Have an Agenda: Most people’s agendas are vague. For example: “To discuss PRD” or “Sync on X.” If you want to to make your meeting effective list out clear agenda items. This allows both parties to understand what the reason is for the meeting, prepare for the meeting so they aren’t caught off guard, and allows them to possibly answer your questions before the meeting so you can cancel it.
Discuss latency caused by frequent API calls (5 minutes)
Determine how much time we should spend refactoring legacy code (8 minutes)
Determine a plan to improve your cat’s job performance (4 minutes)
Time Limits: Each agenda item should have a time limit. “We’ll Jordan I don’t know how long XYZ will take, so I won’t include a time limit.” If you ask any product manager worth his salt, he will tell you all product launch schedules are an educated guesses because you can’t predict the unknown, but without a schedule, he won’t have a deadline to spur progress. Put an estimate in there so you can at least time bound the discussion so you can prevent Parkinson’s law from eating your time and you can force a decision.
Most meetings shouldn’t take 30 minutes: Just because google calendar defaults to 30-minute meetings it doesn’t mean your meeting should take 30 minutes. There’s such a thing as a 10-minute meeting, crazy huh? If you created an agenda with a time estimate, add up the times and schedule the meeting for that duration. If you’re paranoid about going over, schedule an additional 5 minutes
Trim your attendee list: Before inviting anyone, make sure each attendee is vital to the topic at hand. If they are nice to have people, mark them as optional or share post meeting notes with them.
Write a post-meeting 30-second summary: After the meeting is over, write down all of the critical pieces of information you gleaned from the meeting. This will make sure you don’t forget anything and you can share these notes to make sure people follow through on the tasks created from the meeting.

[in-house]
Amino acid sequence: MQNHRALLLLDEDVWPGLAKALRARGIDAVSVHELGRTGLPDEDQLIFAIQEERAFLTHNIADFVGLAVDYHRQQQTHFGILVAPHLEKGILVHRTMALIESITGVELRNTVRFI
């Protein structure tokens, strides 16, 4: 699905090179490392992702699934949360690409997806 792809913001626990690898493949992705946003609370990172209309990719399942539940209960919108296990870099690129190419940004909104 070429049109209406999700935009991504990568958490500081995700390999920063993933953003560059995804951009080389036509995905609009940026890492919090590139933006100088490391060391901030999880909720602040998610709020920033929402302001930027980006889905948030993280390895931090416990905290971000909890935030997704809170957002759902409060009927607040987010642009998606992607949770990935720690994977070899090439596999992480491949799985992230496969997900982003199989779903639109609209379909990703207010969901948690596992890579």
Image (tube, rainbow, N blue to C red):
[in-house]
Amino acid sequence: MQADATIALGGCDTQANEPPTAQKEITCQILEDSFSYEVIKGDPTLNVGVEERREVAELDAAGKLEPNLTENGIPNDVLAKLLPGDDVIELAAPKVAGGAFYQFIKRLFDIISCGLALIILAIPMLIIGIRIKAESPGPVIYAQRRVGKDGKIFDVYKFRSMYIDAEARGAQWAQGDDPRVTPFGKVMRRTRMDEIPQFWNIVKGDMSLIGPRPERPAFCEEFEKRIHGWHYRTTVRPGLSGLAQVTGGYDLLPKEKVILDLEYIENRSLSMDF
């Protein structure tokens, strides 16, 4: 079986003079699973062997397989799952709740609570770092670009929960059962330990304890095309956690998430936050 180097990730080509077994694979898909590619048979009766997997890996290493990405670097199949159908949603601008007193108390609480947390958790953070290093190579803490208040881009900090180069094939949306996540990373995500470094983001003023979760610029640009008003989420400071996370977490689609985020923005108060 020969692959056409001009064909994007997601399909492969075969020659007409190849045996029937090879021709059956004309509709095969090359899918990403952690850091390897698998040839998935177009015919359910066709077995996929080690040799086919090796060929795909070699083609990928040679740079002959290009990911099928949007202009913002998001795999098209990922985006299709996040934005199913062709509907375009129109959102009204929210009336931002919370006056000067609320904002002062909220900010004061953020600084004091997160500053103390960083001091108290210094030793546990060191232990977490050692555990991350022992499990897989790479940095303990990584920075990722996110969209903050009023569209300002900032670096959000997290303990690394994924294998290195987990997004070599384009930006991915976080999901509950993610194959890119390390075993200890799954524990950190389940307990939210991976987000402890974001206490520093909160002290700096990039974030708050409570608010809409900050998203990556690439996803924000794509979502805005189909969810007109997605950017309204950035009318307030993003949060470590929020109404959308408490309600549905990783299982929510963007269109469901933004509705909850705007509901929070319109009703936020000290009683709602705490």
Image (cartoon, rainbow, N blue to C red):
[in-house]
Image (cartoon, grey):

Follow these rules, and your meetings will be much more effective.
By botching enough introductions I’ve discovered the three reasons why most of them fail.
The three factors:
- You forgot to seek opt-in from both parties.
- You fail to consider the workload of both parties.
- You haven’t explained why the introduction will benefit both parties.
A better way to make an introduction
My introductions are successful when I provide each party with an opportunity to opt-in. While you might think there’s value to the introduction, you don’t know if that feeling is mutual. The person receiving the introduction is usually too busy for another meeting or has no interest in meeting a new person.
If you proceed without an opt-in, it’s now on that person to either waste their time with the meeting or deal with an awkward position of having to decline the invitation. Resulting in your colleague losing respect for you.
Also, you don’t know if both parties will see the value in the introduction. If it’s a zero sum game, the connection won’t last past the first meeting. One party will feel drained and taken advantage of which hurts both people and your network. A proper introduction respects both parties and explains how this intro will benefit them.
The introduction process
If you think Steve could benefit from an introduction to Mark. You should first ask if Steve will be interested in meeting Mark. If Steve agrees, great. If not, cancel the introduction.
It’s up to you if you want to disclose who Mark is. I usually don’t because if Mark doesn’t want to meet with Steve, I want to protect Mark’s reputation. I’ll usually refer to Mark as a person who has relevant experience in a domain that could help Steve.
Now you can reach out to Mark via email or Linkedin.
Feel free to copy this template:
I hope all is well.
My colleague Steve (Steve’s name should be hyperlinked to his LinkedIn profile) works for (Organization). He is currently trying to (Insert here what he’s trying to do).
It would be great if you two could connect because (Insert here why Mark will benefit from this introduction).
If you have the bandwidth for a quick call or in person meeting with Steve, please let me know. If you’re too busy, I completely understand. I haven’t told Steve about this introduction so don’t feel pressured to accept.
If Mark accepts, use the following template in your email to Mark and Steve.
I hope all is well.
I would like to introduce you to Steve.
Being you both have interest in (insert topic here). I know you both could benefit from knowing each other.
Steve: I’ll leave it up to you to schedule the call/meeting with Mark (Mark’s name should be hyperlinked to his LinkedIn profile).
After that let Mark and Steve set up the call or meeting.
By using this process you will protect the time of those in your network and increase the odds of a successful intro.
Let me know if you use a similar process or if you have any other tips or tricks for introductions.